Kids & Asthma: What You Should Know

While not curable, asthma can be carefully managed to let children breathe easier.
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Spring flowers can take your breath away. And not just because their beauty is such a welcome break from winter landscapes. For children with asthma, the high pollen counts that come with spring can spell breathing trouble.

During an asthma attack, the airways swell, produce excess mucus and narrow, limiting the amount of air that gets into the lungs. Asthma is a chronic condition, and attacks can vary from mild to severe. Mild asthma is treated as needed by the individual, but severe asthma requires regular medication, sometimes even immediate medical attention. Pediatric asthma is a leading cause of emergency room visits and absences from school, according to the Centers for Disease Control and Prevention.

Allergic reactions to environmental triggers, such as pollen or pet dander, can cause asthma attacks, says Leonard Silverstein, M.D., Allergy & Asthma Specialists, of Saddle River. In the Garden State, pollen from grasses, trees, flowers and ragweed can wreak havoc on allergy and asthma sufferers. Exposure to smoke and cold air also can trigger attacks, as can physical expressions of emotion (crying, laughing or yelling, for example).

Many children with asthma experience symptoms when they’re physically active, a condition called exercise-induced bronchospasm. Your child’s doctor can help devise an action plan that makes participating in sports safe. “Most patients can play a sport using a bronchodilator (aka an inhaler) 30 minutes prior to exercise,” says Dr. Silverstein, adding that a prescription medicine like Singulair can bring benefits as well. Once asthma is under control, exercise can actually strengthen airway muscles, improving their function.

The exact cause of pediatric asthma is unknown, but research suggests interplay between the immune system and early exposure to environmental irritants. Genetics also may play a role.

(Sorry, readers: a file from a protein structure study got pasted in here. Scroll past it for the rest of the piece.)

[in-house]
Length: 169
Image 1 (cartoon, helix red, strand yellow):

Although there’s no known cure for asthma, most serious effects are avoidable with proper treatment. Your child’s doctor can help you identify and avoid triggers, and develop an action plan to share with school personnel. Medications can help prevent asthma attacks by reducing inflammation in the airways—specifically, inhalers can be used to relax the muscles around the airways during an attack.

In some children with environmental allergies, immunotherapy (allergy shots) can help reduce asthma symptoms, making it easier for children and parents alike to relax

Common Triggers

Asthma symptoms can present themselves without any obvious cause, but asthma can be aggravated by:

  • Allergens, including pet hair and dander, dust mites, mold and pollen n Infections, including a cold or the flu
  • Weather changes, especially colder temperatures
  •  Irritants like cigarette smoke and general air pollution
  • Physical and emotional exertion, including exercise, strong emotions and stress

Common Symptoms

Consult your child’s pediatrician if you suspect asthma. Symptoms include:

  • Frequent cough, especially at night
  • Wheezing while breathing
  • Trouble breathing, shortness of breath, rapid breathing
  • Chest pain, tightness
  •  Fatigue
  • Breathing trouble that limits play

Emergency Symptoms

Since asthma affects breathing, it can be deadly. When in doubt, go to the hospital. Bring your child to the emergency room if he/she is:

  • So out of breath he can’t finish a sentence
  • Wheezing nonstop
  •  Straining chest muscles to breathe
  • Flaring nostrils while breathing
  • Experiencing changes in facial color
  • Not improving after use of quick-acting inhaler

Sources: Centers for Disease Control and Prevention, Mayo Clinic

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